Shear Bond Strength of Rebonded Self Ligating Ceramic Brackets after Different Reconditioning Procedures (A comparative an In vitro Study)
Author(s): Zain Alabideen Ahmed*, Mustafa M Al-Khatieeb
Background: The aim of this study was to evaluate the effects of different recycling methods on shear bond strength and morphological changes of deboned mechanically retentive self-ligating ceramic brackets, then compare the findings with the new brackets of the same company.
Material and methods: Forty-eight Damon® Clear™ self-ligating ceramic brackets with a mechanical retentive base were divided into two groups; the first group contained twelve new ceramic brackets (the control group), while the second group contained thirty-six new brackets which were bonded to unetched and slightly wet buccal tooth surface to allow an easy debonding of these brackets by tweezer, these debonded brackets then divided into three experimental (recycled) groups (12 per group): Recycled by sandblasting, irradiation by an Er, Cr: YAG laser and irradiation by CO2 laser. After recycling, the 36 recycled brackets plus the twelve new brackets (the control) were bonded to the forty-eight premolar teeth again following standardized bonding procedure. The teeth were stored in distilled water at 37˚C for 24 hours, then thermal cycling was performed between 5˚C and 55˚C for 500 cycles, the exposure to each bath was 30 seconds, and the transfer time between the two baths was 5-10 seconds, the shear bond strength of all specimens was determined with a universal testing machine at a crosshead speed of 1 mm/min until bond failure occurred. The adhesive remnant index (ARI) was calculated under a stereomicroscope at X10 magnification. Morphological examinations of the recycled ceramic brackets bases were conducted with scanning electron microscopy.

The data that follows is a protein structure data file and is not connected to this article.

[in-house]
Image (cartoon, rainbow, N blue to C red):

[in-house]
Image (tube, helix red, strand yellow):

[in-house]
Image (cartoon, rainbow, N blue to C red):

Result: There were highly significant differences in the mean of shear bond strength values among all groups using ANOVA F-test; furthermore, the mean shear bond strength of new brackets had the highest mean value of 22.899 Mpa, followed by Er,Cr:YSGG laser group 20.288 Mpa, then sandblasted group of 11.415 Mpa, while CO2 laser group had the lowest mean shear bond strength value of 2.994 Mpa; furthermore, the results showed significant difference in adhesive remnant index (ARI). Scanning electronic microscope photographs of ceramic brackets processed by sandblasting showed that all the adhesive was removed from the bracket's base, but destroyed the bracket's base as micro retentive structures was smoothed, in Er,Cr:YGSS group, a little adhesive remnants were observed underneath the meshwork and maintained the integrity of the micro structure of the bracket's base, while the brackets that reconditioned by CO2 laser revealed a considerable amount of residual adhesive on the overall bracket's base and in the hollows of the micro structure, while its structure was kept unchanged.
Conclusion: all reconditioning methods would result in clinically acceptable shear bond strength, except CO2 laser method. The Er,Cr:YGSS recycling method can effectively remove the adhesive from the bases of ceramic brackets without damaging them; thus, this method may be preferred over other recycling methods.